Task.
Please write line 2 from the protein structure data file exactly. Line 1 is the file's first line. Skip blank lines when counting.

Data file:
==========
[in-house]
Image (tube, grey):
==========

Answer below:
Image (tube, grey):